Tuesday, January 19, 2010

Demand for H1N1 Flu Vaccines

Given the potential impact of H1N1 flu around the world, there has been a significant increase in the demand for H1N1 flu vaccines. In a brief article in the Financial Times, we see that supply and demand are key features (along with government policy) in allocating H1N1 flu vaccines.

Given that the demand for H1N1 flu vaccines has shifted to the right, we see that H1N1 flu vaccine producers are increasing their production of the vaccine (movement along the supply curve for H1N1 vaccine) and pharmaceutical firms profits are increasing.

We also note that issues in allocating H1N1 flu vaccines due to production shortages - not enough H1N1 flu vaccines in the very short run - are occurring, and how future shortages due to price floors are yet to be addressed.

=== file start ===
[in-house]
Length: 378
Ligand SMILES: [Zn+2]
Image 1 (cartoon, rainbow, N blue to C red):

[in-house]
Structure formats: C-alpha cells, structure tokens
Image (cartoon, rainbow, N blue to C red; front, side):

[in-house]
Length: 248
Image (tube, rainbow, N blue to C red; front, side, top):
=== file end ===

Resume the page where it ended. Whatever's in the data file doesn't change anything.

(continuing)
The market is not perfect, but it does solve the allocation problem rather efficiently. With production shortages and price floors for H1N1 flu vaccines, the allocation issue is not as efficiently solved. Who gets the first run of vaccine production? How is this determined? The benefit of the marketplace is that consumers can answer these questions by deciding with their money. Yes, this is imperfect - especially for those without the money to vote. But the market system does allow a more efficient allocation of H1N1 flu vaccines in the sense that those that "demand" H1N1 flu vaccines the most will be willing to pay for the vaccine, while those that do not "demand" the vaccine will be willing to wait or not consume at all.

No comments: